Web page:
Sun Art to enter e-commerce sector

For fresh fruit and vegetable marketing and distribution in Asia
Emily French


Sun Art to enter e-commerce sector

In a bid to to stay competitive, China's largest retail chain is undertaking a joint venture with Excellent First

Sun Art to enter e-commerce sector

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China’s largest retail chain, Sun Art, is challenging US multinational retailer Walmart in the country’s burgeoning e-commerce sector in a bid to keep its business competitive, Reuters reports.

Sun Art has announced that it intends to commence online shopping and home deliveries in Shanghai in the fourth quarter of 2013.

"The products that will be available on our online platform will be way more than what we are selling in the stores," executive director Peter Huang said on Thursday, Reuters reports. "We do not aim to compete in pricing or any cash-burning model."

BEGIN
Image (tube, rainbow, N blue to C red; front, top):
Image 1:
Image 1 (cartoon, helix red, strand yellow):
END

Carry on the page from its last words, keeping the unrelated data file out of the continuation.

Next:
These comments came a day after Sun Art reported a 14.8 per cent rise in net profit for the first half of 2013.

The venture is a joint enterprise being undertaken with local company Excellent First.

Competition in the hypermarket sector has become increasingly fierce of late, with an affiliation between Tesco and China Resources Enterprise announced this August posing a potential challenge to Sun Art’s dominance.

Online retailing is a small but rapidly developing part of China’s retail sector, with sales for 2013 estimated at a total value of RMB11.5bn (US$1.88bn).

Online retailers’ marketing strategy includes references to the produce it provides as “farm-fresh”, designed to appeal to Chinese consumer preferences for freshness and concerns regarding food safety.

With average household income quadrupling between 2000 and 2012, China’s fast-growing middle class is thought to have propelled the sector’s growth.


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